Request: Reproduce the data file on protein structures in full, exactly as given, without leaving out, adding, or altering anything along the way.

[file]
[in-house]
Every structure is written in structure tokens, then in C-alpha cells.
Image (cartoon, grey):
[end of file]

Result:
[in-house]
Every structure is written in structure tokens, then in C-alpha cells.
Image (cartoon, grey):